It’s not entirely known why those with dementia tend to wander or walk aimlessly; possibly they’re trying to fulfill a need, are seeking help, or are experiencing side effects from medications. Keep your loved one safe by securing doors with locks that require a key or with child-safe door handle covers. Placing signs on doors like “do not enter” can also deter them from leaving the room. Make sure neighbors and friends are aware of any wandering tendencies, and have your loved one wear an ID bracelet at all times.


Sundowner’s Syndrome is a common symptom of dementia and Alzheimer’s disease, and it refers to the confusion and agitation that tends to set in throughout the evening and nighttime hours. It’s important to create a predictable routine that includes some physical activities in the morning and provide a comfortable, quiet sleeping environment. Limit afternoon activities, naps and large meals.


It’s common for those with dementia to let nutrition fall by the wayside, as it can become difficult for them to remember to eat and drink at all, let alone eat nutritious foods. Plan meals at the same time each day, and make eating as easy as possible. This might mean planning more “finger foods” or planning to cut your loved one’s food for them. It’s also encouraged to sit and eat with your loved one whenever possible, as most seniors find it more enjoyable to eat with others.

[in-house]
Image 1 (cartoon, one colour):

Activities of Daily Living

Often, normal living activities like bathing, dressing and grooming can become difficult for those with dementia. It’s sometimes hard for people with dementia to practice good hygiene habits, simply because they’ve forgotten how. Establishing a routine is also key when it comes to activities of daily living; if your loved one prefers showers over baths, make sure to accommodate that wish at the same time each day, as well as setting times for activities like brushing teeth and hair. Choose clothing that is easy to put on; items with zippers or snaps over buttons and laces.

Caring for someone with dementia requires a great deal of patience, as well as the knowledge that there will be good days and bad days. Remember to take care of yourself as well and seek respite care when you find you need a break from caregiving duties.

More dementia caregiver information and support can be found by contacting your local Area Agency on Aging at 800-677-1116.

Click here for more information about Memory Care Assisted Living American Senior Communities.

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Disclaimer: The statements on this blog are not intended to diagnose, treat, cure or prevent any disease. The author does not in any way guarantee or warrant the accuracy, completeness, or usefulness of any message and will not be held responsible for the content of any message. Always consult your personal physician for specific medical advice.